Solar Panel Installation

Radiant Heating Systems – Everything You Need To Know

As teleworking becomes the norm for many workers in the US and homeowners spend even more time indoors due to the COVID-19 pandemic, the focus on sustainability and indoor air quality is increasing. This trend is driven by energy-efficient solutions like underfloor heating and renewable energy sources like geothermal and solar. Let’s take a closer look into the world of radiant heating systems.


Heat Radiating Panels

Radiant Floor Heating 101: Hydronic vs. Electric - Williams Plumbing

Modern radiant heating systems (infrared panels) support one of two types of coolant – hydraulic or electric. Hydraulic (water) radiant panel heating started more than 50 years ago. Electric radiant heating panels were introduced only after the 1990s. Meanwhile, at the current stage, both technologies are represented already technically heavily changed – with the support of more modern systems. Much like tile stoves, radiant panels are heated locally to create. However, because infrared heating panels are equipped with a thin metal surface with little or no heat mass, these devices can generate heat quickly. This factor attracts applications in places that are rarely used and often in a changing climate – where the operation of tile stoves, jet heaters, and thermally active surfaces of buildings is considered irrational. Since radiant heating panels can generate heat quickly, it makes sense to connect these devices only if there are people in the room. Radiant heating panels seem to be more cost-effective than older heating systems. The main advantages are low weight and compact design.

Heat radiating panels can be installed on walls or ceilings. The fittings support a free-hanging configuration or can be integrated into a suspended ceiling system. These moments once again confirm the practicality of the devices, the possibility of using them in different building rooms. In fact, it is a kind of mobile heating system. On the other hand, the heated surface of the radiant panel is unsafe for outdoor use, as there is a risk of burns if handled carelessly and without a fence. This means that heat transfer through conduction is not possible in this case.


Principle of Operation of Heating Panels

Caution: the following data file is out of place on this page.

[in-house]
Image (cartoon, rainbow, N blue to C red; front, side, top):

The heated water inside flows through plastic or copper pipes attached to a metal plate. By subtracting heat from the water, the metal plate radiates heat into space. Electric heating panels work similarly, but warmth is generated by passing a current through an electrical resistor. Like water-based thermally active building systems, liquid radiant panels support the cooling effect. Meanwhile, this configuration is not supported by electric heating panels. On the other hand, electric heating panels are easier to install and more responsive than the hydraulic option. The electric heating panel reaches full radiant power in less than 5 minutes.


Association With Traditional Radiator

Kartell Nostalgia Cast Iron Traditional Column Radiator

Liquid radiant heating panels should not be associated with so-called “radiators”, common in European plumbing. The radiating metal surfaces of such “radiators” face each other, so most heating surfaces do not radiate heat directly to the object. Nevertheless, the design aims to create the maximum convection ratio. It is, therefore, logical to call liquid heating panels “convectors”. With energy radiation according to the “to each other” principle, the air coming from the bottom is heated between the panels using conductivity. It rises and heats the room with convection.


Another difference is that “radiators” have a lower surface temperature than infrared panels. As a result, the share of radiated heat in the total heat exchange is only 20-30%. The same applies to “radiators” of electrical panels. The type of heating panel is an infrared ceiling lamp. However, such devices must be used carefully. When it comes to electric heating panels, we are actually talking about electric long-wave infrared heaters. But modern design should not be equated with the older design. Legacy models are known as electric shortwave infrared heaters. The apparent difference is the creation of visible red light during operation. Modern, long-life radiant heaters do not emit visible light and have a lower surface temperature. It should be emphasized: both technologies have a definite impact on human health.


Looking for ceiling or floor heating panels? Get in touch with the professionals at NESR Inc.! Their unmatched Sunboard panels can be customized to fit the comfort of your home and to your taste.